The planning commission's role regarding City of Tulsa zoning is defined by Title 42 of Tulsa Revised Ordinances. Also known as the City of Tulsa Zoning Code, Title 42 requires that amendments to the zoning map and zoning code be submitted to the TMAPC for a report and recommendation. You can search through the document yourself for references to "Planning Commission."

Since the Wright controversy regards applications for zoning map amendments in the City of Tulsa, specifically planned unit developments (PUDs) and a straight rezoning, let me highlight the applicable paragraphs:

Section 1107: TMAPC reviews PUD applications. The TMAPC is to determine:

1. Whether the PUD is consistent with the Comprehensive Plan; 2. Whether the PUD harmonized with the existing and expected development of surrounding areas; 3. Whether the PUD is a unified treatment of the development possibilities of the project site; and 4. Whether the PUD is consistent with the stated purposes and standards of this chapter. The Planning Commission shall forward its recommendation, the application, and the development plan to the City Council for further hearing as provided in Subsection 1107.E.

That's a pretty broad set of criteria, and it doesn't seem to preclude a TMAPC member from asking about a particular technical subject. The City Council has the final say.

Section 1700 requires TMAPC input on zoning code amendments:

The regulations, restrictions, prohibitions and limitations imposed, and the districts created may from time to time be amended, supplemented, changed, modified or repealed by ordinance, but no change shall be made until the Planning Commission, after notice and public hearing, files with the City a report and recommendation on the proposed change. In addition to the procedural provisions hereinafter set out, the Planning Commission shall adopt procedural rules for the conduct of zoning public hearings.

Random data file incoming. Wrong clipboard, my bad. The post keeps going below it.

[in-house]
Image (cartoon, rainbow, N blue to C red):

Section 1701 sets out criteria for zoning map amendments:

It is the policy of the City of Tulsa that in the consideration of proposed amendments to this code that:

Amendments will be adopted to recognize changes in the Comprehensive Plan, to correct error, or to recognize changed or changing conditions in a particular area or in the jurisdictional area generally.

Sections 1702 and 1703 deal with zoning text and zoning map amendments respectively. In both cases, the TMAPC is to report to the City Council, which has the final decision.

Nothing in these sections limits the kind of information the TMAPC can gather or consider in making its recommendation.

Nothing in the Oklahoma statutes or the City of Tulsa ordinances describes the TMAPC as a quasi-judicial body. The only explicit use of the term quasi-judicial with respect to the TMAPC is in the TMAPC Rules of Procedure and Code of Ethics. These rules are adopted by the TMAPC, and the TMAPC has the freedom to modify them within the scope of the enabling state and city legislation.

Section II. C. of the most recent version of the TMAPC rules says: